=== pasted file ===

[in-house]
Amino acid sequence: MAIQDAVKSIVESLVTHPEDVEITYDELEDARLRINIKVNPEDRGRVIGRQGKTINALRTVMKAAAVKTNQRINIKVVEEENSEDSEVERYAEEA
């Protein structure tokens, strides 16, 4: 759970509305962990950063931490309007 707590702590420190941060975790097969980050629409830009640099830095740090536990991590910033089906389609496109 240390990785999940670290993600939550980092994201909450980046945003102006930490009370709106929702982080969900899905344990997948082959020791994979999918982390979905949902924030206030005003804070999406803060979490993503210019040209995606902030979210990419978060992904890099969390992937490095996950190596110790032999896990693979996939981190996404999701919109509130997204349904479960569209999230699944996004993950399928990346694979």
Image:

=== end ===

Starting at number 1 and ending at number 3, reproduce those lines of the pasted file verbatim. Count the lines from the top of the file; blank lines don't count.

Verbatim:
[in-house]
Amino acid sequence: MAIQDAVKSIVESLVTHPEDVEITYDELEDARLRINIKVNPEDRGRVIGRQGKTINALRTVMKAAAVKTNQRINIKVVEEENSEDSEVERYAEEA
């Protein structure tokens, strides 16, 4: 759970509305962990950063931490309007 707590702590420190941060975790097969980050629409830009640099830095740090536990991590910033089906389609496109 240390990785999940670290993600939550980092994201909450980046945003102006930490009370709106929702982080969900899905344990997948082959020791994979999918982390979905949902924030206030005003804070999406803060979490993503210019040209995606902030979210990419978060992904890099969390992937490095996950190596110790032999896990693979996939981190996404999701919109509130997204349904479960569209999230699944996004993950399928990346694979």